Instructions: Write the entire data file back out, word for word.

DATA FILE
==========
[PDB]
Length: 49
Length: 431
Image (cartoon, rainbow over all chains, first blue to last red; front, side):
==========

[PDB]
Length: 49
Length: 431
Image (cartoon, rainbow over all chains, first blue to last red; front, side):